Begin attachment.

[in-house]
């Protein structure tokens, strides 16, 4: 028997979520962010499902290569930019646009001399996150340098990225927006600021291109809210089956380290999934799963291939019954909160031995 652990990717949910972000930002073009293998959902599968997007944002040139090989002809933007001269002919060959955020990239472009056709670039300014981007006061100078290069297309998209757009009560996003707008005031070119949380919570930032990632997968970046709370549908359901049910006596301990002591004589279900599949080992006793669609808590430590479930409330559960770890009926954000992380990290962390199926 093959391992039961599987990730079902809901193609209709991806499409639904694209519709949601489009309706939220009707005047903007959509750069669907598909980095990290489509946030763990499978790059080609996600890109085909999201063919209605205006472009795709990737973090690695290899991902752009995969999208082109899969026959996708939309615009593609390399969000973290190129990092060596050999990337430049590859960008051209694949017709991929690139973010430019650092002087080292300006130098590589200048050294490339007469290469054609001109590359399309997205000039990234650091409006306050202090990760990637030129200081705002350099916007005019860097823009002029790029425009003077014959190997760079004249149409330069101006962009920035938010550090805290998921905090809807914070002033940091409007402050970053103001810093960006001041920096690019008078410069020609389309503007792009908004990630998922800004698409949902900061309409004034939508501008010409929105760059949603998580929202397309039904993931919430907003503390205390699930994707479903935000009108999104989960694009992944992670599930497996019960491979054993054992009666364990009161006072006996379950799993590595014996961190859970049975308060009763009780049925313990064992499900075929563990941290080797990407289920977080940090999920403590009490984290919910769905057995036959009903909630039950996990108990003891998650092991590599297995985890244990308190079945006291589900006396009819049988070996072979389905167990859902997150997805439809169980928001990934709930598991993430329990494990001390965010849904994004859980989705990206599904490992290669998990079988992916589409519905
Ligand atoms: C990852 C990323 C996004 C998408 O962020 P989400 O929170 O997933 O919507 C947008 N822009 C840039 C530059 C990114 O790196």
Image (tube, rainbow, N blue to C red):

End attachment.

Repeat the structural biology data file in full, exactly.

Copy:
[in-house]
């Protein structure tokens, strides 16, 4: 028997979520962010499902290569930019646009001399996150340098990225927006600021291109809210089956380290999934799963291939019954909160031995 652990990717949910972000930002073009293998959902599968997007944002040139090989002809933007001269002919060959955020990239472009056709670039300014981007006061100078290069297309998209757009009560996003707008005031070119949380919570930032990632997968970046709370549908359901049910006596301990002591004589279900599949080992006793669609808590430590479930409330559960770890009926954000992380990290962390199926 093959391992039961599987990730079902809901193609209709991806499409639904694209519709949601489009309706939220009707005047903007959509750069669907598909980095990290489509946030763990499978790059080609996600890109085909999201063919209605205006472009795709990737973090690695290899991902752009995969999208082109899969026959996708939309615009593609390399969000973290190129990092060596050999990337430049590859960008051209694949017709991929690139973010430019650092002087080292300006130098590589200048050294490339007469290469054609001109590359399309997205000039990234650091409006306050202090990760990637030129200081705002350099916007005019860097823009002029790029425009003077014959190997760079004249149409330069101006962009920035938010550090805290998921905090809807914070002033940091409007402050970053103001810093960006001041920096690019008078410069020609389309503007792009908004990630998922800004698409949902900061309409004034939508501008010409929105760059949603998580929202397309039904993931919430907003503390205390699930994707479903935000009108999104989960694009992944992670599930497996019960491979054993054992009666364990009161006072006996379950799993590595014996961190859970049975308060009763009780049925313990064992499900075929563990941290080797990407289920977080940090999920403590009490984290919910769905057995036959009903909630039950996990108990003891998650092991590599297995985890244990308190079945006291589900006396009819049988070996072979389905167990859902997150997805439809169980928001990934709930598991993430329990494990001390965010849904994004859980989705990206599904490992290669998990079988992916589409519905
Ligand atoms: C990852 C990323 C996004 C998408 O962020 P989400 O929170 O997933 O919507 C947008 N822009 C840039 C530059 C990114 O790196």
Image (tube, rainbow, N blue to C red):